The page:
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“The Hobbit, The Sofa, and Digger Stiles” (season four, episode three, originally aired 10/7/2003)

Let’s get the Digger in the room out of the way first: Digger Stiles is a controversial character. It is nothing against the delightful Chris Eigeman, who has a natural way with Palladino dialogue, and even harbors some genuine chemistry with Lauren Graham. Namely, it’s what Digger represents: Not only the posh upbringing that Lorelai is continually trying to get away from, but also his facility as a romantic obstacle to Luke and Lorelai. Personally, I can’t get past his intrusion into one of the most important days of her life at the Dragonfly Inn opening, and his steadfast refusal to accept their breakup, after he sued her own father. Basically he is what Emily hints at this episode, a stilted man-child who is stuck in adolescent rebellion. You could say the same thing about Lorelai herself, but she’s snarky, not vindictive. Digger goes after his father’s own business, for God’s sake.

We’re getting ahead of ourselves, but as we’ll be talking about Digger a lot over the next several weeks, just wanted to get my reasons for character hatred out right up front. And he and Lorelai don’t even cross paths this episode. This episode title is a little disparate at first, but it actually makes a lot of sense. The three plotlines all explore our characters in unfamiliar surroundings, trying to realign themselves in strange times. Rory, most obviously, as she’s still getting her feet wet at Yale. But Lorelai is also out of sorts, between jobs, and without her daughter for the first time. Beside her is Sookie, who is preparing for a major lifestyle change that she has serious doubts about this episode. Even Richard is on shaky ground, establishing his own firm after a lifetime of being a company man, and getting ousted.

To get through these tough times, all of these people dive right in, with varying degrees of success. Rory reluctantly agrees to a Yale party, but she doesn’t seem to be any less the introverted bookworm she always is by the end of it; Paris makes more of an effort, but her real self emerges eventually, shooing everyone out of their suite. She also, of course, is unable to stand up to Emily. Through their catering gig, Lorelai and Sookie discover that Sookie may have an unrealistic view of her future parenting capabilities. And Richard gamely dives into business with Digger, even though we know it will all end in disaster. But all of our Gilmore-ites jump into a new kind of life to varying degrees this episode, showing that even if it doesn’t turn out to be out and out valuable, you learn a lot about yourself as you move out of whatever comfort zone you happen to be in.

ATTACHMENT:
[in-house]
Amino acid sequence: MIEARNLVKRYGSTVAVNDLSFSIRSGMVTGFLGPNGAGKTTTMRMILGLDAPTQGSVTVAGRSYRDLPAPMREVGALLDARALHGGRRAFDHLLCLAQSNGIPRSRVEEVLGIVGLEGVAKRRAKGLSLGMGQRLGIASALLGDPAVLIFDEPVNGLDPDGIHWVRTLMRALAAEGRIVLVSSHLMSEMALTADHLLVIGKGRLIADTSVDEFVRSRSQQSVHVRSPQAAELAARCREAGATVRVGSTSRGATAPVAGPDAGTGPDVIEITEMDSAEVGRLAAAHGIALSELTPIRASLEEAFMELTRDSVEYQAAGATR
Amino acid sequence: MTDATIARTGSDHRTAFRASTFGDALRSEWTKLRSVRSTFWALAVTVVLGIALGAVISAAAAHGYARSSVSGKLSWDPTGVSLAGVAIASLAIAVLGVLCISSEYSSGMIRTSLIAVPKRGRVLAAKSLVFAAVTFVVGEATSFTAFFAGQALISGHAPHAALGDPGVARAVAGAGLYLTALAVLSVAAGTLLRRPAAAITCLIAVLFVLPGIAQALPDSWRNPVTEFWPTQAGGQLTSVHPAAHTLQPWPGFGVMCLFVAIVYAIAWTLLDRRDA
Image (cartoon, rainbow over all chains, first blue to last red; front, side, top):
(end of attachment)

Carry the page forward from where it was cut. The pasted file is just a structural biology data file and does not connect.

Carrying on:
“Chicken Or Beef?” (season four, episode four, originally aired 10/14/2003)

Maybe “The Hobbit, The Sofa…” fares so much better against the dreck it is placed next to: “Chicken Or Beef?”, a.k.a. Dean’s wedding. Here’s another rant I have against this show: It wasn’t just that both Gilmore girls were fun and delightful. It was that no one they ever went out with was supposed to ever get over them, ever. Look at Digger, above. Or Christopher. Or Max. Or Logan or Jess or even on his goddamn wedding day, Dean. Rory had pretty much left her boyfriend for the new bad boy in town, but that does not stop him pining for her years later. It’s maddening. I mean, I like the GG girls too, they’re great, but are they really that great? Like life-alteringly great for everyone they come in contact with?